Last week in Australia news headlines brimmed with emotive accusations about a betrayal of trust levied against Prime Minister Scott Morrison. French President Emmanuel Macron had already said Australia’s decision to scupper the $90 billion submarine deal “broke the relationship of trust between our two countries” in a statement following an earlier phone call with Morrison. He also made it quite clear that it was up to Australia to seek to repair the relationship – only to deliver a stinging critique of Morrison at the G20 summit, claiming Morrison had lied to him.

Soon after, personal text messages from Macron to Morrison appeared in the Australian media, cast to appear that Macron knew something was awry before the deal was cancelled.

All of which underlies how important trust is in international politics, and how difficult it is build and then repair.

It may seem odd to talk about trust between countries. International politics is often portrayed as a cut-throat endeavour, dominated by the aggressive pursuit of national interests in a system defined by anarchy. Yet trust is still important. Trust helps to facilitate cooperation on a whole range of things – from the high-level trust facilitating extensive intelligence sharing between the Five Eyes partners, to the trust which goes into preventing enemies from going to war, or the attempt to build common ground to address global challenges, as evident at the present COP26 negotiations on climate change.  

A big part of this is trust between leaders.

French President Emmanuel Macron following a meeting in Paris with Scott Morrison in June (Chesnot/Getty Images)

A trusting relationship between leaders can have a significant impact on ties between countries. Trust between leaders can help deepen cooperation, manage difficulties in the relationship when interests inevitably diverge and smooth over past troubles. A bad relationship between leaders can break previous cooperative patterns, exacerbate difficulties and create new problems.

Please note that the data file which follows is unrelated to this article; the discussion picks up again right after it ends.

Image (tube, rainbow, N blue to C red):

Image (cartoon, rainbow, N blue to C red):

Think, for instance, of the difference between Tony Abbott and Malcolm Turnbull in their relationships with Indonesian President Joko Widodo. Or the difficulties the Australia-United States relationship faced with Gough Whitlam and Richard Nixon compared to Harold Holt and Lyndon Johnson. 

It seems evident that Macron expected clear and transparent communication, and a more substantial period of notice before the announcement of AUKUS went live.

Underpinning Macron’s feelings of betrayal appears to be a breach of expectations. Of course cancelling such a lucrative deal would have been disappointing.  However, the breach of expectations lies primarily in how the cancellation was handled, rather than the cancellation itself.

It seems evident that Macron expected clear and transparent communication, and a more substantial period of notice before the announcement of AUKUS went live. The French Ambassador to Australia, Jean-Pierre Thébault, spelled this out clearly in the immediate aftermath. As he was being recalled to Paris, he said “the sense of treason is very strong”, given Australia had been working on cancelling the submarine deal for months without alerting the French. The leaking of texts between Morrison and Macron further exacerbated matters, with Thébault describing it as “an unprecedented new low in terms of how to proceed and also in terms of truth and trust”.

Macron may be playing up the issue for a domestic audience, particularly in light of the upcoming election. This does not mean, however, that the betrayal is not felt. Such a feeling is not easily fixed, and will take an investment of time, effort and the right people in the right places.

Morrison, too, has an eye for a domestic audience. Rather than setting out on a mission to repair the relationship, he has denied wrongdoing and dug in. The talk of France as a crucial partner in the region has suddenly evaporated.

Of course, leaders are not the only place where trust is important. The state of trust between two countries is also shaped between governments more broadly, between diplomats, between societies, and where relevant between defence forces and intelligence personnel. Trust begets trust, to ensure continuing cooperation, even during a breach at the leadership level.

You can see this in the emphasis Macron has put in favourable comments about Australia as a country, and the Australian people, stating “I have a lot of respect for your country, I have a lot of respect and a lot of friendship for you people”. He is strongly indicating that his problem is with Morrison specifically, rather than the relationship more broadly.

It can also be seen in the constructive engagement between Australian Foreign Minister Marise Payne and the French Ambassador.

Still, in the near term, management of the rift outside the leaders is probably the best that can be hoped for.

Nothing truly highlights the value of diplomacy like a profound diplomatic failure. Likewise, nothing highlights the value of trust like a betrayal.